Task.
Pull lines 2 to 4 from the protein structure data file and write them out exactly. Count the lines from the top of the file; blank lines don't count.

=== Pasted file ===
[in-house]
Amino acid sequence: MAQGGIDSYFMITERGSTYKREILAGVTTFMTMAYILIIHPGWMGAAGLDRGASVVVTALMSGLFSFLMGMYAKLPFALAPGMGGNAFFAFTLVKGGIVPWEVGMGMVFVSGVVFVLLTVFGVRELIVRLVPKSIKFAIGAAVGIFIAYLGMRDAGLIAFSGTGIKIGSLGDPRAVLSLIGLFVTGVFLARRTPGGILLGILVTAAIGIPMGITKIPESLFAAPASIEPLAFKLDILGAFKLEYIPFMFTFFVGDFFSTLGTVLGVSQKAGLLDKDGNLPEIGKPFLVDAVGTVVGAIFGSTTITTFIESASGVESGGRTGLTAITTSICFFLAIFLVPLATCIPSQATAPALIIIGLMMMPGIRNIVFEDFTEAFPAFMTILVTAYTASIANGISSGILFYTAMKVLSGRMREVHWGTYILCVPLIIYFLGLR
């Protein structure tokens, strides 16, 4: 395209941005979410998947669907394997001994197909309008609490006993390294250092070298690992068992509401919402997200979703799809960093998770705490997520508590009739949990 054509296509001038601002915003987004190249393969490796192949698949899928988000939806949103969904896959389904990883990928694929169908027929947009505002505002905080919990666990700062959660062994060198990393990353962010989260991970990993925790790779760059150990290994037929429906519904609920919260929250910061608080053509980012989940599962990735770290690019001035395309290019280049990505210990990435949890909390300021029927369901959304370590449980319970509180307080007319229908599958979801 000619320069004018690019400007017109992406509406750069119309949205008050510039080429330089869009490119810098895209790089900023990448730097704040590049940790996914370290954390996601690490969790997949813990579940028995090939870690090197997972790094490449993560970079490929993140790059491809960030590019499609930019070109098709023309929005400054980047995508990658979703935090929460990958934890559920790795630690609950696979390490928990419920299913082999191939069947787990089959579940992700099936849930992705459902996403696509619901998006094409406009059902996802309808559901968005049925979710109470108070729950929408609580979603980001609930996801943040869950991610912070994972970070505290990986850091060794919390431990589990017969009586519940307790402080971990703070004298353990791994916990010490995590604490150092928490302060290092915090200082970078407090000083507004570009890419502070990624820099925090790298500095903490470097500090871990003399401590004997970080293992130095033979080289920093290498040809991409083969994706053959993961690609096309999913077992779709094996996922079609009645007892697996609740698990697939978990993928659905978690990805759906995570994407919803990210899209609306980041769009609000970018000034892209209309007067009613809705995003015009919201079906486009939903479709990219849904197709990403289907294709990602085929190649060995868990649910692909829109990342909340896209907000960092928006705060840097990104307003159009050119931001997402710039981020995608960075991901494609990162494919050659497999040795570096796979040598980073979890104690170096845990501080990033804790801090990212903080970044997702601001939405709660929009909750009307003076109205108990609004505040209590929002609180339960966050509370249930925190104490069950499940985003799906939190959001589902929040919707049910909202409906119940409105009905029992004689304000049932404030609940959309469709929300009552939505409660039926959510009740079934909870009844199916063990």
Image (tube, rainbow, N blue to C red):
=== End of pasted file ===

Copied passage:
Amino acid sequence: MAQGGIDSYFMITERGSTYKREILAGVTTFMTMAYILIIHPGWMGAAGLDRGASVVVTALMSGLFSFLMGMYAKLPFALAPGMGGNAFFAFTLVKGGIVPWEVGMGMVFVSGVVFVLLTVFGVRELIVRLVPKSIKFAIGAAVGIFIAYLGMRDAGLIAFSGTGIKIGSLGDPRAVLSLIGLFVTGVFLARRTPGGILLGILVTAAIGIPMGITKIPESLFAAPASIEPLAFKLDILGAFKLEYIPFMFTFFVGDFFSTLGTVLGVSQKAGLLDKDGNLPEIGKPFLVDAVGTVVGAIFGSTTITTFIESASGVESGGRTGLTAITTSICFFLAIFLVPLATCIPSQATAPALIIIGLMMMPGIRNIVFEDFTEAFPAFMTILVTAYTASIANGISSGILFYTAMKVLSGRMREVHWGTYILCVPLIIYFLGLR
């Protein structure tokens, strides 16, 4: 395209941005979410998947669907394997001994197909309008609490006993390294250092070298690992068992509401919402997200979703799809960093998770705490997520508590009739949990 054509296509001038601002915003987004190249393969490796192949698949899928988000939806949103969904896959389904990883990928694929169908027929947009505002505002905080919990666990700062959660062994060198990393990353962010989260991970990993925790790779760059150990290994037929429906519904609920919260929250910061608080053509980012989940599962990735770290690019001035395309290019280049990505210990990435949890909390300021029927369901959304370590449980319970509180307080007319229908599958979801 000619320069004018690019400007017109992406509406750069119309949205008050510039080429330089869009490119810098895209790089900023990448730097704040590049940790996914370290954390996601690490969790997949813990579940028995090939870690090197997972790094490449993560970079490929993140790059491809960030590019499609930019070109098709023309929005400054980047995508990658979703935090929460990958934890559920790795630690609950696979390490928990419920299913082999191939069947787990089959579940992700099936849930992705459902996403696509619901998006094409406009059902996802309808559901968005049925979710109470108070729950929408609580979603980001609930996801943040869950991610912070994972970070505290990986850091060794919390431990589990017969009586519940307790402080971990703070004298353990791994916990010490995590604490150092928490302060290092915090200082970078407090000083507004570009890419502070990624820099925090790298500095903490470097500090871990003399401590004997970080293992130095033979080289920093290498040809991409083969994706053959993961690609096309999913077992779709094996996922079609009645007892697996609740698990697939978990993928659905978690990805759906995570994407919803990210899209609306980041769009609000970018000034892209209309007067009613809705995003015009919201079906486009939903479709990219849904197709990403289907294709990602085929190649060995868990649910692909829109990342909340896209907000960092928006705060840097990104307003159009050119931001997402710039981020995608960075991901494609990162494919050659497999040795570096796979040598980073979890104690170096845990501080990033804790801090990212903080970044997702601001939405709660929009909750009307003076109205108990609004505040209590929002609180339960966050509370249930925190104490069950499940985003799906939190959001589902929040919707049910909202409906119940409105009905029992004689304000049932404030609940959309469709929300009552939505409660039926959510009740079934909870009844199916063990």
Image (tube, rainbow, N blue to C red):